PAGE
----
Calm and Headspace are two popular meditation apps. Both offer beautiful, easy-to-use interfaces and meditations suitable for any experience level. If you could use some help learning to embrace mindfulness, either of these two apps would be a great place to start.

Mood Tracker Apps  – Moodfit and Worry Watch

While not a suitable replacement for diagnosis or professional treatment, “mood-tracking tools can help you monitor how your mood varies and aid you in better understanding stressors and triggers that can cause the negative emotions that you experience” (Very Well Mind). Tracking your mood can help you get to know yourself better and care for yourself better as a result.

Moodfit and Worry Watch are two celebrated mood tracking apps that can help you get to know what makes you stressed and how you can ground yourself through the discomfort.

Stress vs. Anxiety.

Of course, not all stress is just stress. Suppose you’re noticing that even after an external stressor resolves, you can’t shake overwhelming feelings of dread and apprehension. In that case, chances are you’re dealing with anxiety. Anxiety disorders are real mental illnesses that deserve treatment, and it is often comorbid (or co-occurring) with depression.

Treat Burnout, Anxiety, and Depression with TMS Therapy.

If you think that you or someone you love may be experiencing depression and anxiety, there is hope. Successful treatments exist, and help is out there. You have probably heard of cognitive-behavioral therapy, also known as talk therapy, and medication, but have you heard of TMS Therapy?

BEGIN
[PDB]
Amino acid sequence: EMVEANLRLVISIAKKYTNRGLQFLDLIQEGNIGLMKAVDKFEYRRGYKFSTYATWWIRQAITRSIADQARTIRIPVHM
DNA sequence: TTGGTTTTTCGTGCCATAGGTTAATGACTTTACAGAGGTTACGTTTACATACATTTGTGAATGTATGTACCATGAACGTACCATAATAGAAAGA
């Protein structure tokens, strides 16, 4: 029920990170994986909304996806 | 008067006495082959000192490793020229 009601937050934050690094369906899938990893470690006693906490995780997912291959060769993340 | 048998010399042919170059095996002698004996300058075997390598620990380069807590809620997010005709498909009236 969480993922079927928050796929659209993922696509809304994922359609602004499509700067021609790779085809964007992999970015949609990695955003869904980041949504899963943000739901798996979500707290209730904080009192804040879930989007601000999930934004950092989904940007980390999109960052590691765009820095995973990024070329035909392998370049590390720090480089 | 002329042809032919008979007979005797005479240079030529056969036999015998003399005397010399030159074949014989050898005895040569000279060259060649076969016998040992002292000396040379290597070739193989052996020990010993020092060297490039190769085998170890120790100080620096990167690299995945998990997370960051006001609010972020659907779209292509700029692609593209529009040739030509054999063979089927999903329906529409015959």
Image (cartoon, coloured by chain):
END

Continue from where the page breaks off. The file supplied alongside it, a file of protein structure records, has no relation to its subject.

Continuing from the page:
TMS Therapy, short for Transcranial Magnetic Stimulation, is an innovative therapy that treats depression by using magnetic-pulse technology to stimulate areas of the brain that have low metabolic activity, or, in other words, aren’t working to their full potential.

We’ve learned that the brains of people with depression and the brains of people without depression look and function differently. Most notably, centers that regulate mood aren’t as active in a depressed brain. TMS Therapy helps encourage your brain to heal itself by building and strengthening the neural networks that help control your mood and behavior. This offers real, lasting relief from depression.

At Nashville Neurocare Therapy, we specialize in TMS Therapy for depression treatment. While “stimulating the brain with magnets” might sound a little intimidating, TMS Therapy is not to be confused with electroconvulsive therapy (ECT aka “shock therapy”). TMS Therapy is completely comfortable and safe, and perfectly natural. Plus, TMS Therapy is 100% drug-free, so there are no adverse side effects commonly associated with antidepressants. Though it’s a lesser-known therapy, most private and public health insurances cover TMS Therapy, and the American Psychiatric Association even recommends TMS as an alternative to antidepressants if your medications aren’t working for you. If you aren’t finding relief from your depression through talk therapy or medication alone, talk to your doctor about TMS Therapy. Treatment for depression is not one size fits all, and there is hope for you. If you’d like to learn more about TMS Therapy and how it could help you or somebody you love, feel free to request a consultation with our office. We’d love to see if TMS Therapy is a good fit for your path to healing.

About the Author: Dr. W. Scott West


Nationally recognized, board-certified psychiatrist, Dr. W. Scott West, blazed the trail for TMS therapy in Tennessee as the first physician to offer this advanced technology in 2010. With 30+ years experience in clinical depression, Dr. West leads the Nashville Neurocare team.

  • Board Certified Psychiatrist
  • Specialty: Certified TMS Psychiatrist since 2010
  • Diplomate: The American Board of Psychiatry and Neurology
  • Distinguished Fellow: American Psychiatric Association
  • Residency: Vanderbilt University, Hospital Department of Psychiatry
  • Medical School: University of Tennessee, Knoxville, Center for the Health Sciences
  • Hospital Affiliations: Vanderbilt University Hospital, St. Thomas Hospital